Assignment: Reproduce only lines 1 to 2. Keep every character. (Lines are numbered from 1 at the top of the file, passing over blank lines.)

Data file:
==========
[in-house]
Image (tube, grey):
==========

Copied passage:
[in-house]
Image (tube, grey):